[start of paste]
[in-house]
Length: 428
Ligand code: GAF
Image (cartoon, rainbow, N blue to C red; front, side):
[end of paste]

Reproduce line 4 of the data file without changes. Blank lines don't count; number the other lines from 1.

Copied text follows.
Image (cartoon, rainbow, N blue to C red; front, side):